What Will 2019’s F1 Cars Actually Look Like?
How many races have we watched this season with no overtakes? Lewis Hamilton can start in 14th and move up through the field, but what then? In Barcelona and Melbourne it was painful to watch. Winning races is now about tyre strategy – judging the pit window and hoping for a safety car.
For 2019 the FIA is introducing changes to the cars’ body shape. Their reasoning is that by increasing downforce and reducing the wake, there will be less turbulence for the following car. Perhaps we can return to races being won by courageous driving – slipstreaming and then overtaking.
The front wing will be wider – 200cm – and less complex. There will be no upper flaps, and the end plate will be simpler. Under the wing there will only be two stakes on each side.
The rear wing also will be wider – 105cm – and taller, allowing the cars to generate more downforce. The DRS opening will be increased from 6.5cm to 8.5cm, further assisting the following driver.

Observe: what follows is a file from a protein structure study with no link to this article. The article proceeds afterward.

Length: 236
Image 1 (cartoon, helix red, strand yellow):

Other simplifications on the car body will mean the brake ducts have no winglets or fins, and there will be no blown axles. Bargeboards will be lowered and will extend forwards.
There will be a new driver and seat weight limit, allowing drivers to indulge a little in the F1 Hospitality bar. See https://edgeglobalevents.com/f1-hospitality for more information. What will the teams and sponsors be discussing in there? The new shape and opportunities for overtakes? Increasing the fuel limit to 110kg so that drivers can push harder, not lifting and coasting? Perhaps a frank exchange about tyres?
Races are being won and lost on tyre strategy. In Monte Carlo we saw Daniel Ricciardo limp home on shredded tyres, beating Sebastian Vettel, who was also struggling. Some experts say that the Pirelli tyres are part of the overtaking problem, that its tyres that are stopping drivers from attacking. Even when the tyre rules were changed a couple of years ago, there was confusion among drivers, as reported by Reuters.
2019 the Return of the Overtake?
It will be fascinating to see how the teams gain competitive advantage from these changes to F1 regulations. We desperately need more overtaking, and these changes should help drivers to do that.